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Privacy vs. Accessibility: Can You have Both with Open Living Spaces?

Open plan living is the zeitgeist of the 21st century, a palatial look modern homeowners are longing for increasingly. So, is this trend towards the casual, open space that encompasses the kitchen, dining, and living room areas, known collectively as the 'great room', really right for your lifestyle?

Pros and Cons of Open Plan Living

You might be surprised to learn open plan designs work more effectively in smaller homes and apartments. It's all about privacy. Singles and young marrieds without children can easily maintain privacy in an all-in-one living space. But for a bustling family with children, privacy is key to establishing a sense of separation for all the various activities occurring throughout a day: preparing meals, getting homework done, working on the computer, cleaning house. And what about the dog? Does he get any peace or quiet? You get my point.

It's important to establish what your privacy needs are, and should you opt for a closed plan space or a loft-like feel? How much privacy do you need? Think about the personality of your family and what floor plan would make your living space comfortable, allowing each individual their personal space, but easy access to other family members as desired, if you go for an open space plan. An open floor plan can work well if it is designed with the needs of your family in mind and modified to accommodate how your family interacts with one another.  If you decide an open plan space is a good choice for your busy home, Pzazz Building has a few suggestions on how you can achieve a balance between a sense of separateness and openness.

Ambient Lighting

Ambient Lighting

Various kinds of lighting are one way to separate the great room for different activities while maintaining an open, relaxed space. The kitchen, in particular, needs sufficient lighting to allow the tasks of food preparation and clean-up to be accomplished without eye strain.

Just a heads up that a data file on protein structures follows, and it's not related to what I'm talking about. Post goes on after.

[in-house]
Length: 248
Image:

Downlighters installed on the kitchen ceiling will provide even lighting without a bright glare to tire eyes; a single hanging pendant, or perhaps a series of them in the dining area can create a mood ideal for family meals and celebrations; while your living room could be set apart with access lighting or uplighters. Or if you want a more defined division, install inset lights into your flooring or beneath baseboards.

Flooring Types

Floor Textures

Another way to divvy up an open floor plan is through the choice of flooring materials. In the kitchen your options are plentiful: woods like oak, ash, cork, or bamboo; synthetic coverings such as vinyl, laminate, and stone/tile options: travertine, marble, granite, and slate, all ideal for warmer weather.

You can also switch off hardwoods, using one type for the kitchen, another for the dining area and still another for the living room. But you may not want to go that far, and instead select carpeting for another type of area definition.

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Room Partitions

Room partitions

An easy way to define your open plan layout is the use of room dividers. These can range from islands to section off your kitchen from the living room, to open shelving, folding screens, or a sectional sofa. Also consider a central fireplace, gaining in popularity, to segment the kitchen and living/dining areas, lending an aura of warmth and intimacy.

Hashing it Out

There are more considerations in deciding whether or not you and your family will benefit from an open plan living style, factors such as noise levels, kitchen odors, and children's messes. Here is where the rubber hits the road. A sit-down with your partner to sort out the pros and cons of closed floor plans as compared to open ones is the place to start the decision-making process.